A new study produced some unexpected results in assessing the effects of the national lockdown on American teenagers beginning in March in response to the Covid crisis, including the fact teens did less gaming.
The study by the Institute for Family Studies (IFS) and the Wheatley Institution was authored by was authored by Jean Twenge (San Diego State University), Sarah Coyne (Brigham Young University), Jason Carroll (Brigham Young University and Wheatley), and W. Bradford Wilcox of IFS.
When federal policymakers named one of the most important social welfare efforts aimed at helping feed children in poverty, they dubbed it the “Women, Infants and Children” (WIC) program.
Fathers somehow were left out.
At one level, that title simply reflected the depressing reality that millions of fathers sire children, then fail to support them financially, much less emotionally or in any of the multiple other ways revealed by data-driven studies highlighted earlier this week by Dr. Patrick Fagan on Marripedia.
Not that doing well on the SAT or getting a leg-up on the latest technologies and procedures in the industry of your choice are bad things, but the authors of the study point to other factors that ought to be considered in the comparison because they are at least important, if not more so, in assessing the comparative societal value of public and private schools.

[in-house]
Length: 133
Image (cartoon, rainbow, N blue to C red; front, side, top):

Epiphanies are those moments in life when something suddenly and without warning becomes clear in our lives and we begin to see things with new insight — and perhaps begin to think and do differently as well.
For my part, probably the most important such moment in my life came at 9:15 am in the morning of March 1, 1991, when I awakened from my last drinking spree and looked around at the wreckage I’d made of my life and those of others near and dear to me.
It was at the precise moment that the Lord opened my eyes to see that wreckage honestly and to realize that I had to make up my mind, do I really believe what I profess about being a Christian and, if I do, why don’t I start acting like one instead of being a hypocrite?
It hasn’t been all sweetness and light since then, but the Lord has changed me in countless ways and turned my life into an incredible adventure of learning, loving and living. There isn’t a day goes by that I don’t thank Him for that epiphany.
But that’s enough out of me. Philosopher Kenneth Samples writes of his own epiphanic experiences in an interesting post on his blog, Reflections. He writes movingly about his discovery of a Dutch theologian who knew his father, an American GI, fighting in World War II.
Wendy Wang of the Institute for Family Studies points to two seemingly contradictory trends in the American family:
“America is in the middle of two simultaneous trends related to marriage. Marriages today are more stable, thanks to the steady decline of divorce rates since the 1980s.
“At the same time, however, a declining share of Americans marry. In 2018, a record 35% of Americans ages 25 to 50, or 39 million, had never been married, according to a new Institute for Family Studies (IFS) analysis of U.S. Census data. The share was only 9% in 1970.”